The Wits and Beaux of Society - Volume 2
173 Pages
English

The Wits and Beaux of Society - Volume 2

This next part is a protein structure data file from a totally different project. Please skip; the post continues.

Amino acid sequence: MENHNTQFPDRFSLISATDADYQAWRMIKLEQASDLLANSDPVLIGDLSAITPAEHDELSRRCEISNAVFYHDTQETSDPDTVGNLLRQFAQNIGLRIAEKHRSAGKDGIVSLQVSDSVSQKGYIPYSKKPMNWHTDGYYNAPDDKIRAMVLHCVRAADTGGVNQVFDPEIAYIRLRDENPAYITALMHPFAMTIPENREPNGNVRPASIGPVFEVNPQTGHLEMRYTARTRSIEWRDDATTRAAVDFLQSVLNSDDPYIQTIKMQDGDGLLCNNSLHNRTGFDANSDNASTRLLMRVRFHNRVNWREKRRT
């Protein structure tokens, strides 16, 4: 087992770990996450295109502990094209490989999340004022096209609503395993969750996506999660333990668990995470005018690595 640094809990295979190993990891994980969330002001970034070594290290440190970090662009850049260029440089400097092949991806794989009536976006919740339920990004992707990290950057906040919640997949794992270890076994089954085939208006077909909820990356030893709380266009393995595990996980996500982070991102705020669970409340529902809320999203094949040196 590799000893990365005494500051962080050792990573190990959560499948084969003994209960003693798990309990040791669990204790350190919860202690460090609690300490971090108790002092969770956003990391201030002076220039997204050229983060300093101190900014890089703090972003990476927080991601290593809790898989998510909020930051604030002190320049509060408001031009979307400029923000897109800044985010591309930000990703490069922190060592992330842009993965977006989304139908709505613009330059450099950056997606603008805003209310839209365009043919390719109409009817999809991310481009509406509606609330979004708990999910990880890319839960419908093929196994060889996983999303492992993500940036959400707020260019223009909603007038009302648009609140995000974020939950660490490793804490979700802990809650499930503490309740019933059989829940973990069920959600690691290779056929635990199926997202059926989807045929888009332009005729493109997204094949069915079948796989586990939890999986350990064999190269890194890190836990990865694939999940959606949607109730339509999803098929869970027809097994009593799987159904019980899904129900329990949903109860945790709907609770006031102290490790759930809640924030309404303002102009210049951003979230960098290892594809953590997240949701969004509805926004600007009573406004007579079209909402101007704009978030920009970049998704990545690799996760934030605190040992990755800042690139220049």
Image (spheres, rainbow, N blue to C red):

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Project Gutenberg's The Wits and Beaux of Society, by Grace & Philip Wharton This eBook is for the use of anyone anywhere at no cost and with almost no restrictions whatsoever. You may copy it, give it away or re-use it under the terms of the Project Gutenberg License included with this eBook or online at www.gutenberg.net Title: The Wits and Beaux of Society Volume 2 Author: Grace & Philip Wharton Release Date: January 22, 2004 [EBook #10797] Language: English Character set encoding: ISO-8859-1 *** START OF THIS PROJECT GUTENBERG EBOOK THE WITS AND BEAUX OF SOCIETY *** Produced by Juliet Sutherland, Antje Benter, Sandra Brown and the Online Distributed Proofreading Team. THE WITS AND BEAUX OF SOCIETY BY GRACE AND PHILIP WHARTON EDITED BY JUSTIN HUNTLY MCCARTHY, M. P. And the original illustrations by H. K. BROWNE AND JAMES GODWIN TWO VOLS.—VOL. II. 1890 List of Illustrations "Who's Your Fat Friend?" Strawberry Hill from the Thames. Selwyn Acknowledges the "Sovereignty of The People." The Famous Literary Club. "A Treasure for a Lady"—Sheridan and the Lawyer. Theodore Hook's Engineering Frolic. Sydney Smith's Witty Answer to the Old Parish Clerk. CONTENTS VOL. II. HORACE WALPOLE. The Commoners of England.—Horace's Regret for the Death of his Mother.— Little Horace in Arlington Street.—Introduced to George I.— Characteristic Anecdote of George I.—Walpole's Education. —Schoolboy Days.—Boyish Friendships.—Companionship of Gray.—A Dreary Doom.— Walpole's Description of Youthful Delights.—Anecdote of Pope and Frederic of Wales.—The Pomfrets.—Sir Thomas Robinson's Ball.—An Admirable Scene. —Political Squibs.—Sir Robert's Retirement from Office.—The Splendid Mansion of Houghton.—Sir Robert's Love of Gardening. —What we owe to the 'Grandes Tours.'—George Vertue.—Men of One Idea.—The Noble Picture-gallery at Houghton.—The 'Market Pieces.'— Sir Robert's Death.—The Granville Faction.—A very good Quarrel.— Twickenham.—Strawberry Hill.—The Recluse of Strawberry.—Portraits of the Digby Family.—Sacrilege.—Mrs. Darner's Models.—The Long Gallery at Strawberry.—The Chapel.—'A Dirty Little Thing.'—The Society around Strawberry Hill.—Anne Seymour Conway.—A Man who never Doubted.—Lady Sophia Fermer's Marriage.—Horace in Favour.—Anecdote of Sir William Stanhope.—A Paper House.—Walpole's Habits.—Why did he not Marry?— 'Dowagers as Plenty as Flounders.'—Catherine Hyde, Duchess of Queensberry.—Anecdote of Lady Granville. —Kitty Clive.—Death of Horatio Walpole.—George, third Earl of Orford.—A Visit to Houghton.—Family Misfortunes.—Poor Chatterton.—Walpole's Concern with Chatterton.— Walpole in Paris.—Anecdote of Madame Geoffrin.—'Who's that Mr. Walpole?' —The Miss Berrys.—Horace's two 'Straw Berries.'—Tapping a New Reign.—The Sign of the Gothic Castle.—Growing Old with Dignity.— Succession to an Earldom.—Walpole's Last Hours.—Let us not be Ungrateful. GEORGE SELWYN. A Love of Horrors.—Anecdotes of Selwyn's Mother.—Selwyn's College Days.—Orator Henley.—Selwyn's Blasphemous Freak. —The Profession of a Wit.—The Thirst for Hazard.—Reynolds's Conversation-Piece.—Selwyn's Eccentricities and Witticisms.—A most Important Communication.—An Amateur Headsman.—The Eloquence of Indifference.—Catching a Housebreaker.—The Family of the Selwyns.—The Man of the People.— Selwyn's Parliamentary Career.—True Wit.—Some of Selwyn's Witty Sayings.—The Sovereignty of the People.—On two kinds of Wit. —Selwyn's Home for Children.—Mie-Mie, the Little Italian. —Selwyn's Little Companion taken from him.—His Later Days and Death. RICHARD BRINSLEY SHERIDAN. Sheridan a Dunce.—Boyish Dreams of Literary Fame.—Sheridan in Love.—A Nest of Nightingales.—The 'Maid of Bath.'—Captivated by Genius.— Sheridan's Elopement with 'Cecilia.'—His Duel with Captain Matthews.— Standards of Ridicule.—Painful Family Estrangements.—Enters Drury Lane.—Success of the Famous 'School for Scandal.'—Opinions of Sheridan and his Influence. —The Literary Club.—Anecdote of Garrick's Admittance.—Origin of the 'Rejected Addresses.'—New Flights.—Political Ambition.—The Gaming Mania.—Almacks'.—Brookes'.—Black-balled.—Two Versions of the Election Trick.—St. Stephen's Won.—Vocal Difficulties.— Leads a Double Life.—Pitt's Vulgar Attack. —Sheridan's Happy Retort— Grattan's Quip.—Sheridan's Sallies. —The Trial of Warren Hastings.— Wonderful Effect of Sheridan's Eloquence.—The Supreme Effort.—The Star Culminates.—Native Taste for Swindling.—A Shrewd but Graceless Oxonian.—Duns Outwitted.—The Lawyer Jockeyed.—Adventures with Bailiffs. —Sheridan's Powers of Persuasion.—House of Commons Greek.— Curious Mimicry.—The Royal Boon Company.—Street Frolics at Night.— An Old Tale.—'All's well that ends well.'—The Fray in St. Giles'.— Unopened Letters.—An Odd Incident.—Reckless Extravagance,—Sporting Ambition.—Like Father like Son.—A Severe and Witty Rebuke.— Intemperance.—Convivial Excesses of a Past Day.—Worth wins at last.— Bitter Pangs.—The Scythe of Death.—Sheridan's Second Wife.—Debts of Honour.—Drury Lane Burnt.—The Owner's Serenity.—Misfortunes never come Singly. —The Whitbread Quarrel.—Ruined.—Undone and almost Forsaken.— The Dead Man Arrested.—The Stories fixed on Sheridan.—Extempore Wit and Inveterate Talkers. BEAU BRUMMELL. Two popular Sciences.—'Buck Brummell' at Eton.—Investing his Capital.— Young Cornet Brummell.—The Beau's Studio.—The Toilet.—'Creasing Down.'—Devotion to Dress.—A Great Gentleman.—Anecdotes of Brummell.— 'Don't forget, Brum: Goose at Four'—Offers of Intimacy resented.— Never in love.—Brummell out Hunting.—Anecdote of Sheridan and Brummell.—The Beau's Poetical Efforts.—The Value of a Crooked Sixpence.—The Breach with the Prince of Wales.—'Who's your Fat Friend?'—The Climax is reached.—The Black-mail of Calais.—George the Greater and George the Less.—An Extraordinary Step.—Down the Hill of Life. —A Miserable Old Age.—In the Hospice Du Bon Sauveur.—O Young Men of this Age, be warned! THEODORE EDWARD HOOK. The Greatest of Modern Wits.—What Coleridge said of Hook. —Hook's Family.—Redeeming Points.—Versatility.—Varieties of Hoaxing.—The Black-wafered Horse.—The Berners Street Hoax. —Success of the Scheme.— The Strop of Hunger.—Kitchen Examinations.—The Wrong House.—Angling for an Invitation. —The Hackney-coach Device.—The Plots of Hook and Mathews. —Hook's Talents as an Improvisatore.—The Gift becomes his Bane.—Hook's Novels.—College Fun.—Baiting a Proctor.—The Punning Faculty.—Official Life Opens.—Troublesome Pleasantry. —Charge of Embezzlement.—Misfortune.—Doubly Disgraced.—No Effort to remove the Stain.—Attacks on the Queen.—An Incongruous Mixture.—Specimen of the Ramsbottom Letters. —Hook's Scurrility.—-Fortune and Popularity.— The End. SYDNEY SMITH. The 'Wise Wit.'—Oddities of the Father.—Verse-making at Winchester.— Curate Life on Salisbury Plain.—Old Edinburgh.—Its Social and Architectural Features.—Making Love Metaphysically. —The Old Scottish Supper.—The Men of Mark passing away.—The Band of Young Spirits.— Brougham's Early Tenacity.—Fitting up Conversations.—'Old School' Ceremonies.—The Speculative Society.—A Brilliant Set.—Sydney's Opinion of his Friends. —Holland House.—Preacher at the 'Foundling.'—Sydney's 'Grammar of Life.'—The Picture Mania.—A Living Comes at Last. —The Wit's Ministry.—The Parsonage House at Foston-le-Clay. —Country Quiet.— The Universal Scratcher.—Country Life and Country Prejudice.—The Genial Magistrate.—Glimpse of Edinburgh Society.—Mrs. Grant of Laggan.— A Pension Difficulty.—Jeffrey and Cockburn.—Craigcrook.—Sydney Smith's Cheerfulness.—His Rheumatic Armour.—No Bishopric.—Becomes Canon of St. Paul's. —Anecdotes of Lord Dudley.—A Sharp Reproof.— Sydney's Classification of Society.—Last Strokes of Humour. GEORGE BUBB DODINGTON, LORD MELCOMBE. A Dinner-giving lordly Poet.—A Misfortune for a Man of Society.— Brandenburgh House.—'The Diversions of the Morning.' —Johnson's Opinion of Foote.—Churchill and 'The Rosciad.' —Personal Ridicule in its Proper Light.—Wild Specimen of the Poet.—Walpole on Dodington's 'Diary.'— The best Commentary on a Man's Life.—Leicester House.—Grace Boyle.— Elegant Modes of passing Time.—A sad Day.—What does Dodington come here for? —The Veteran Wit, Beau, and Politician.—'Defend us from our Executors and Editors.' HORACE WALPOLE. The Commoners of England.—Horace's Regret for the Death of his Mother.— 'Little Horace' in Arlington Street.—Introduced to George I.— Characteristic Anecdote of George I.—Walpole's Education. —Schoolboy Days.—Boyish Friendships.—Companionship of Gray.—A Dreary Doom.— Walpole's Description of Youthful Delights.—Anecdote of Pope and Frederic of Wales.—The Pomfrets.—Sir Thomas Robinson's Ball.—An Admirable Scene. —Political Squibs.—Sir Robert's Retirement from Office.—The Splendid Mansion of Houghton.—Sir Robert's Love of Gardening. —What we owe to the 'Grandes Tours.'—George Vertue.—Men of One Idea.—The Noble Picture-gallery at Houghton.—The 'Market Pieces.'— Sir Robert's Death.—The Granville Faction.—A very good Quarrel.— Twickenham.—Strawberry Hill.—The Recluse of Strawberry.—Portraits of the Digby Family.—Sacrilege.—Mrs. Darner's Models.—The Long Gallery at Strawberry.—The Chapel.—'A Dirty Little Thing.'—The Society around Strawberry Hill.—Anne Seymour Conway.—A Man who never Doubted.—Lady Sophia Fermor's Marriage.—Horace in Favour.—Anecdote of Sir William Stanhope.—A Paper House.—Walpole's Habits.—Why did he not Marry?— 'Dowagers as Plenty as Flounders.'—Catherine Hyde, Duchess of Queensberry.—Anecdote of Lady Granville. —Kitty Clive.—Death of Horatio Walpole.—George, third Earl of Orford.—A Visit to Houghton.—Family Misfortunes.—Poor Chatterton.—Walpole's Concern with Chatterton.— Walpole in Paris.—Anecdote of Madame Geoffrin.—'Who's that Mr. Walpole?' —The Miss Berrys.—Horace's two 'Straw Berries.'—Tapping a New Reign.—The Sign of the Gothic Castle.—Growing Old with Dignity.— Succession to an Earldom.—Walpole's Last Hours.—Let us not be Ungrateful. Had this elegant writer, remarks the compiler of 'Walpoliana,' composed memoirs of his own life, an example authorized by eminent names, ancient and modern, every other pen must have been dropped in despair, so true was it that 'he united the good sense of Fontenelle with the Attic salt and graces of Count Anthony Hamilton.' But 'Horace' was a man of great literary modesty, and always undervalued his own efforts. His life was one of little incident: it is his character, his mind, the society around him, the period in which he shone, that give the charm to his correspondence, and the interest to his biography. Besides, he had the weakness common to several other fine gentlemen who have combined letters and haut ton , of being ashamed of the literary character. The vulgarity of the court, its indifference to all that was not party writing, whether polemical or political, cast a shade over authors in his time. Never was there, beneath all his assumed Whig principles, a more profound aristocrat than Horace Walpole. He was, by birth, one of those well-descended English gentlemen who have often scorned the title of noble, and who have repudiated the notion of merging their own ancient names in modern titles. The commoners of England hold a proud pre-eminence. When some low-born man entreated James I. to make him a gentleman, the well-known answer was, 'Na, na, I canna! I could mak thee a lord, but none but God Almighty can mak a gentleman.' Sir Robert Walpole, afterwards minister to George II., and eventually Lord Orford, belonged to an ancient family in Norfolk; he was a third son, and was originally destined for the Church, but the death of his elder brethren having left him heir to the family estate, in 1698, he succeeded to a property which ought to have yielded him £2,000 a year, but which was crippled with various encumbrances. In order to relieve himself of these, Sir Robert married Catherine Shorter, the granddaughter of Sir John Shorter, who had been illegally and arbitrarily appointed Lord Mayor of London by James II. Horace was her youngest child, and was born in Arlington Street, on the 24th of September, 1717, O.S. Six years afterwards he was inoculated for the smallpox, a precaution which he records as worthy of remark, since the operation had then only recently been introduced by Lady Mary Wortley Montagu from Turkey. He is silent, however, naturally enough, as to one important point—his real parentage. The character of his mother was by no means such as to disprove an assertion which gained general belief: this was, that Horace was the offspring, not of Sir Robert Walpole, but of Carr, Lord Hervey, the eldest son of the Earl of Bristol, and the elder brother of Lord Hervey, whose 'Memoirs of the Court of George II.' are so generally known. Carr, Lord Hervey, was witty, eccentric, and sarcastic: and from him Horace Walpole is said to have inherited his wit, his eccentricity, his love of literature, and his profound contempt for all mankind, excepting only a few members of a cherished and exclusive clique. In the Notes of his life which Horace Walpole left for the use of his executor, Robert Berry, Esq., and of his daughter, Miss Berry, he makes this brief mention of Lady Walpole:—'My mother died in 1737.' He was then twenty years of age. But beneath this seemingly slight recurrence to his mother, a regret which never left him through life was buried. Like Cowper, he mourned, as the profoundest of all sorrows, the loss of that life-long friend. 'My mother, when I learn'd that thou wast dead, Say, wast thou conscious of the tears I shed? Hovered thy spirit o'er thy sorrowing son? Wretch even then, life's journey just begun.' Although Horace in many points bore a strong resemblance to Sir Robert Walpole, he rarely if ever received from that jovial, heartless, able man, any proof of affection. An outcast from his father's heart, the whole force of the boy's love centred in his mother; yet in after-life no one reverenced Sir Robert Walpole so much as his supposed son. To be adverse to the minister was to be adverse to the unloved son who cherished his memory. What 'my father' thought, did, and said, was law; what his foes dared to express was heresy. Horace had the family mania strong upon him; the world was made for Walpoles, whose views were never to be controverted, nor whose faith impugned. Yet Horace must have witnessed, perhaps with out comprehending it, much disunion at home. Lady Walpole. beautiful and accomplished, could not succeed in riveting her husband to his conjugal duties. Gross licentiousness was the order of the day, and Sir Robert was among the most licentious; he left his lovely wife to the perilous attentions of all the young courtiers who fancied that by courting the Premier's wife they could secure Walpole's good offices. Sir Robert, according to Pope, was one of those who— 'Never made a friend in private life, And was, besides, a tyrant to his wife. At all events, if not a tyrant, he was indifferent to those circumstances which reflected upon him, and were injurious to her. He was conscious that he had no right to complain of any infidelity on her part, and he left her to be surrounded by men whom he knew to be profligates of the most dangerous pretensions to wit and elegance. It was possibly not unfrequently that Horace, his mother's pet, gleaned in the drawing-rooms of Arlington Street his first notions of that persiflage which was the fashion of the day. We. can fancy him a precocious, old-fashioned little boy, at his mother's apron-string, whilst Carr, Lord Hervey, was paying his devoirs; we see him gazing with wondering eyes at Pulteney, Earl of Bath, with his blue ribbon across his laced coat; whilst compassionating friends observing the pale-faced boy in that hot-house atmosphere, in which both mind and body were like forced plants, prophesied that 'little Horace' could not possibly live to be a man. He survived, however, two sisters, who died in childhood, and became dearer and dearer to his fond mother. In his old age, Horace delighted in recalling anecdotes of his infancy; in these his mother's partiality largely figured. Brought up among courtiers and ministers, his childish talk was all of kings and princes; and he was a gossip both by inclination and habit. His greatest desire in life was to see the king —George I., and his nurses and attendants augmented his wish by their exalted descriptions of the grandeur which he effected, in after-life, to despise. He entreated his mother to take him to St. James's. When relating the incidents of the scene in which he was first introduced to a court, Horace Walpole speaks of the 'infinite good-nature of his father, who never thwarted any of his children,' and 'suffered him,' he says, 'to be too much indulged.' Some difficulties attended the fruition of the forward boy's wish. The Duchess of Kendal was jealous of Sir Robert Walpole's influence with the king: her aim was to bring Lord Bolingbroke into power. The childish fancy was, nevertheless, gratified: and under his mother's care he was conducted to the apartments of the Duchess of Kendal in St. James's. 'A favour so unusual to be asked by a boy of ten years old,' he afterwards wrote in his 'Reminiscences,' 'was still too slight to be refused to the wife of the first minister and her darling child.' However, as it was not to be a precedent, the interview was to be private, and at night. It was ten o'clock in the evening when Lady Walpole, leading her son, was admitted into the apartments of Melusina de Schulenberg, Countess of Walsingham, who passed under the name of the Duchess of Kendal's niece, but who was, in fact, her daughter, by George I. The polluted rooms in which Lady Walsingham lived were afterwards occupied by the two mistresses of George II.—the Countess of Suffolk, and Madame de Walmoden, Countess of Yarmouth. With Lady Walsingham, Lady Walpole and her little son waited until, notice having been given that the king had come down to supper, he was led into the presence of 'that good sort of man,' as he calls George I. That monarch was pleased to permit the young courtier to kneel down and kiss his hand. A few words were spoken by the august personage, and Horace was led back into the adjoining room. But the vision of that 'good sort of man' was present to him when, in old age, he wrote down his recollections for his beloved Miss Berry. By the side of a tall, lean, ill-favoured old German lady—the Duchess of Kendal—stood a pale, short, elderly man, with a dark tie-wig, in a plain coat and waistcoat: these and his breeches were all of snuff-coloured cloth, and his stockings of the same colour. By the blue riband alone could the young subject of this 'good sort of man' discern that he was in the presence of majesty. Little interest could be elicited in this brief interview, yet Horace thought it his painful duty, being also the son of a prime minister, to shed tears when, with the other scholars of Eton College, he walked in the procession to the proclamation of George II. And no doubt he was one of very few personages in England whose eyes Were moistened for that event. Nevertheless, there was something of bonhommie in the character of George I. that one misses in his successor. His love of punch, and his habit of becoming a little tipsy over his private dinners with Sir Robert Walpole, were English as well as German traits, and were regarded almost as condescensions; and then he had a kind of slow wit, that was turned upon the venial officials whose perquisites were at their disgraceful height in his time. 'A strange country this,' said the monarch, in his most clamorous German: 'one day, after I came to St. James's, I looked out of the window, and saw a park, with walks, laurels, &c.; these they told me were mine. The next day Lord Chetwynd, the ranger of my park, sends me a brace of carp out of my canal; I was told, thereupon, that I must give five guineas to Lord Chetwynd's porter for bringing me my own fish, out of my own canal, in my own park!' In spite of some agreeable qualities, George I. was, however, anything but a 'good sort of man.' It is difficult how to rank the two first Georges; both were detestable as men, and scarcely tolerable as monarchs. The foreign deeds of George I. were stained with the supposed murder of Count Konigsmark: the English career of George II. was one of the coarsest profligacy. Their example was infamous. His father's only sister having become the second wife of Charles Lord Townshend, Horace was educated with his cousins; and the tutor selected was Edward Weston, the son of Stephen, Bishop of Exeter; this preceptor was afterwards engaged in a controversy with Dr. Warburton, concerning the 'Naturalization of the Jews.' By that learned, haughty disputant, he is termed 'a gazetteer by profession—by inclination a Methodist.' Such was the man who guided the dawning intellect of Horace Walpole. Under his care he remained until he went, in 1727, to Eton. But Walpole's was not merely a scholastic education: he was destined for the law—and, on going up to Cambridge, was obliged to attend lectures on civil law. He went from Eton to King's College —where he was, however, more disposed to what are termed accomplishments than to deep reading. At Cambridge he even studied Italian; at home he learned to dance and fence; and took lessons in drawing from Bernard Lens, drawing-master to the Duke of Cumberland and his sisters. It is not to be wondered at that he left Cambridge without taking a degree. But fortune was lying, as it were, in wait for him; and various sinecures had been reserved for the Minister's youngest son: first, he became Inspector of the Imports and Exports in the Customs; but soon resigned that post to be Usher of the Exchequer. 'And as soon,' he writes, 'as I became of age I took possession of two other little patent places in the Exchequer, called Comptroller of the Pipe, and Clerk of the Estreats. They had been held for me by Mr. Fane.' Such was the mode in which the younger sons were then provided for by a minister; nor has the unworthy system died out in our time, although greatly modified. Horace was growing up meantime, not an awkward, but a somewhat insignificant youth, with a short, slender figure: which always retained a boyish appearance when seen from behind. His face was common-place, except when his really expressive eyes sparkled with intelligence, or melted into the sweetest expression of kindness. But his laugh was forced and uncouth: and